OCT 18, 2011, KATHMANDU, Nepal – An Ill fated Aircraft of Nepal Army which was carrying a patient of Nepal army itself from far-western Nepal has crashed in the hilly region of Baglung district this evening at about 7.10 PM.
The RAN-49 BN2T military aircraft belonging to the Nepal Army (NA) carrying six persons crashed at the Chaudhul Dhuri village in Bowang VDC-9, Baglung, on Tuesday evening.
All passengers on board have been feared dead, as authorities are yet to confirm their status.
According to Colonel Kuber Thapa of the Army’s Directorate of Public Relations, a team of army personnel from Bhimghatte has been sent to the Crash site.
An army official said a rescue team from the district headquarters has been sent to Burtibang. The team will have to walk at least 7-8 hours to reach the crash site from Burtibang.
Major Bishal Singh Rathor was the pilot-in-command while Major Diwakar Karki was the co-pilot of the aircraft that took off from Nepalgunj. The aircraft was airlifting an ill army personnel, Keshav Singh Airi, to Kathmandu when the accident occurred. A Dhangadhi-based policeman, Ram Singh Airi, who was Keshav’s caretaker, was also on board.
The other passengers included army medical staff Dr Rabita Pathak and Milan Gotame.
The night-vision fixed-winged aircraft that departed from Nepalgunj airport at 6:30 pm had contacted the airport at 7:04 pm. The last contact it made with the Kathmandu Area Control (ACC) was at 7: 06 pm. The aircraft was at Thara point near Shandikharka in Arghakhanchi then, according to Civil Aviation Authority of Nepal (CAAN).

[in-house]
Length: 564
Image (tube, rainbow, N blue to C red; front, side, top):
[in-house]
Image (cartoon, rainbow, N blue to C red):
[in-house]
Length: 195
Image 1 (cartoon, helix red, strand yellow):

The flight was scheduled to report its position to the ACC after it reached Pyuthan, which did not happen, according to Pratap Babu Tiwari, the chief of Pokhara Airport.
Instead of heading towards east Pyuthan, the aircraft flew towards the south, possibly due to glitches in the aircraft’s navigational equipment, a source at Nepalgunj Airport said.
The crash was confirmed at around 9:00 pm, two hours after the plane went missing. According to locals, the aircraft was descending in the dark without any lights on and crashed on a hill.
“There was a loud bang and there was a fire on the hill,” said Lal Kumari Thapa, a local of Chaudhul Dhuri.
The most reliable Short Take Off & Landing (STOL) aircraft was donated by the UK government during the insurgency in 2005.
Nepal’s Sky is so dangerous as most of the crashes are occurred during this time of the year and many of the aircraft are acknowledged to be lack of maintenance and periodical inspections.